That’s a lot of mashed potatoes.
In another “Close Encounters” homage, the Main Street Civic Center played the 135-minute movie when the heavens did not cooperate and an outdoor show was rained out.
Frieda Dent, 93, ran the movie. She remembered filming in the 1970s and how some Hulett residents were extras in a panic scene as government officials cleared the Devils Tower area.
“Every time I see it, I see something different,” Dent said.
The locals’ attitude seemed to be, “Hey, who are we to say there’s nobody else out there?”
Science or science
UFOs have long fascinated, perplexed, tweaked imaginations, been pshawed, or described as fabrications of the crazy.
The debut of American UFO consciousness, as well as Exhibit A of accusations of government conspiracy to hush up spaceships penetrating U.S. air space, basically dates to Roswell, N.M., in 1947.
A crashing flying saucer was reported in the July 8 edition of the Roswell Daily Record. The mysterious “flying disc” was taken into custody on a ranch by the U.S. military and soon after was identified as “a weather balloon.”
Seven decades later in Hulett, the weather balloon theory still didn’t fly.
Scientists say the earth was formed 4.5 billion years ago. Since it presupposes a visiting alien culture would be more advanced technologically than humans, it was suggested aliens may have checked out earth long ago with only mild interest and UFO sightings could be periodic reconnaissance follow-ups.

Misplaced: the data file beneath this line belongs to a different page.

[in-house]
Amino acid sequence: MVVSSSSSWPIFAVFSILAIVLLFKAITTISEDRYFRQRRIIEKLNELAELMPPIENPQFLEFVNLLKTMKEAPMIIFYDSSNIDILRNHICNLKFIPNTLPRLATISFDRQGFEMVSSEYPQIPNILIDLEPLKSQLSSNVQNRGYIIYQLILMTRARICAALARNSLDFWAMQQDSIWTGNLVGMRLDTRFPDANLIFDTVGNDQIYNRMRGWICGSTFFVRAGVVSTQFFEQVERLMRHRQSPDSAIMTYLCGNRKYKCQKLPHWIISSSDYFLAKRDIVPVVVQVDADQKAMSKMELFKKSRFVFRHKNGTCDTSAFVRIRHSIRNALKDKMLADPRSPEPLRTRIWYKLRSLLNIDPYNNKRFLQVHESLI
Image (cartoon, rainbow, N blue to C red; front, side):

During a panel discussion it was noted many scientific ideas or inventions were dismissed as harebrained long before being proven.
When Columbus set off to sail the ocean blue in 1492, a large segment of the population still believed his ship was going to drop right off the edge of the flat earth.
How many people living in 1850 envisioned the jet plane, putting a man on the moon via rocket ship or the cell phone?
“I don’t think we can actually think of anything that’s impossible,” said astronomer Marc D’Antonio, whose presentation was titled, “The Real Science of E.T.”